Phase specific method development to support early drug development through selection of a lead formulation.  The typical approaches to method development vary for new chemical entities versus known molecules.  For known molecules, compendia or literature searches generally provide starting point conditions and any known impurities/related substances are commonly established.  New chemical entities present a unique set of challenges as the method development process is undefined, requiring studies to gain adequate knowledge and understanding of impurity profiles/degradation pathways.  In addition to gaining understanding on API stability; drug excipient compatibility studies are utilized to identify incompatible excipients by combining the drug substance with penetration enhancers, viscosity modifiers, emollients, preservatives, oils, etc. in which the data generated can be used to assist in predicting product stability.  To support product stability, suitable extraction procedures must be developed.  Implementation of suitable “topical” extraction procedures present significant challenges as development is two-fold:  ensuring that the solvent/technique used is sufficient to 1) penetrate the formulation matrix and 2) extract and solubilize the drug substance.  Once the lead formulation has been selected, phase appropriate validation to support varying clinical development stages will be executed.  A life-cycle approach to method validation is applied as differences exist in requirements between early development and late-stage development (Phase IIb and beyond).  For technology transfer activities, streamlining the method transfer process is critical to avoid common pitfalls and challenges which could cause unnecessary and timeline-impacting delays.

  • In Vitro Testing

In Vitro Release Test (IVRT) is a test to measure the release of active ingredient from a formulation matrix into an appropriate receiving medium.  It is based on Fick’s laws on diffusion.  Release of active ingredient is a complicated process, and it depends upon the properties of the drug, the formulation matrix and the barrier.  Specifically, for IVRT, the barrier is an inert, synthetic membrane that acts as a holding surface for the dosage form in a diffusion apparatus, thereby limiting the dependence of release rate onto the properties of the dosage form and the active ingredient.  Most commonly used apparatus for IVRT is the vertical Diffusion cell.  USP chapter <1724> describes the apparatus and the use procedure in detail. IVRT has several applications during development of a topical dosage form.  During early stage of development, it serves to characterize and understand the release properties of the active ingredient and the dosage form, allowing formulators to make appropriate changes in excipients/process to optimize a formulation prototype.  When Quality by Design approach is used, as it should and desired by the agency, IVRT remains to be an important parameter to evaluate when changes are made in excipients, excipient supplier or grad and process of manufacturing.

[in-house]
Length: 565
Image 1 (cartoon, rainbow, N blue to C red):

Join this interactive and comprehensive session that will allow you to streamline and boost innovative delivery and formulation approaches that match the potential of your drug candidates.

Workshop Leaders:

Vijendra Nalamothu, CEO, Tergus Pharma

Jean-Philippe Therrien, Head, Skin Biology, Tergus Pharma

Tammy Payne, Head, Analytical R&D, Tergus Pharma

Kailas Thakker, (Co-Founder Emeritus), In Vitro Sciences, Tergus Pharma



Workshop C (3.30 PM – 6.30 PM)

Patient-Centricity Know-How – For Perpetual Innovation, Optimized Development & Successful Commercialization of Dermatologic Drugs

Pharma/biotech companies in dermatology and medical esthetics will maximize the value of development programs and prevent multiple missteps with significant financial ramifications when genuine paradigm shift from product-centricity to patient-centricity finally occurs. The paradigm shift is already happening within regulatory agencies, among healthcare industry stakeholders, in scientific journals and at medical conferences.

This workshop is your opportunity to gain:

  • Systematic knowledge of current patient-centric strategies and tools in drug development and commercialization
  • Actionable insights from instructive patient engagement case studies

Key topics being addressed include:

  • Patient-focused innovation incubators
  • Patients’ perspectives built into the foundation of product strategy
  • Impact of the patient involvement on clinical development:
    • Making the study design more relevant and clinical trial more feasible
    • Endpoints that make sense and will make a difference
    • Getting study completed with time and budget savings
    • Data interpretation that speaks value for the patient
    • Assets for regulatory approval
  • Putting patient in the center of the medical affairs and commercial strategy
    • Advisors, panelists, speakers, co-authors, evidence generators
  • Influence of patient preferences on decisions of healthcare stakeholders including payers and providers
  • Overcoming barriers to increased patient involvement in clinical/medical/commercial decisions including tight deadlines, limited resources, compliance/regulations, flawed methodologies, and organizational resistance.


This interactive session, packed with relevant content and crisp-clear takeaways, will enable you to stimulate innovation in your organization, maximize the value of your development programs and see ROI for patient engagement.

Workshop Leader:

Jasmina Jankicevic, Dermatologist, Clinical Development & Medical Affairs Consulting